3 (wrong) attitudes towards ageing
Our population is ageing. This will bring profound economic and fiscal challenges that will require significant changes in government spending. But it will also require us to change our attitudes towards ageing and the aged.
There are three specific attitudes that, if changed, would go far in combating the coming challenge.
Older workers are less valuable
A recent report found more than 50,000 people involuntarily retired in 2011 for job-related reasons. A 2015 survey showed a quarter of Australians over 50 reported experiencing age related discrimination, and one third of managers factored age into their decision making.
The government has responded by introducing incentive payments for hiring older Australians but government incentives aren't always effective in changing people's attitudes, only their behaviour.
It is in everyone's interest for older Australians to stay in the workforce longer. Someone aged 50 today could work for 20 more years, much longer than someone aged 25 is likely to stay in one job.
Retirees are poor, vulnerable and need protecting by government
The stereotypical image of a pensioner is someone struggling to get by in public housing who may occasionally have to eat pet food. However retirees are a very diverse cohort. Some are indeed struggling to get by, marginalised by high costs of living (especially rent) or health concerns.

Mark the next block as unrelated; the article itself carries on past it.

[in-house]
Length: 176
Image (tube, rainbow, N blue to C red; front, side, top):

But this is not all (or even most) pensioners. 75%-80% of pensioners own their home without a mortgage, while around 30% of single pensioners and 50% of couple pensioners have more than $900,000 in net worth.
It is condescending to think of older Australians as helpless. Just because someone has reached retirement age does not automatically mean they need government funding. If retirees can support themselves they should do so before asking for taxpayer help.
I've worked hard and saved, I deserve a pension
Perhaps one of the more pernicious myths in retirement income policy is that the pension is a reward for working hard and paying taxes or part of some grand intergenerational bargain.
It's not. The pension is a safety net for those who can't support themselves.
If taxpayers end up having to pay for your retirement anyway, they don't care if you were careful with your money while others blew theirs. The pension should not be a taxpayer-funded reward for looking after yourself.
Changing attitudes is every bit as important as fiscal reform in combating the challenges of an ageing population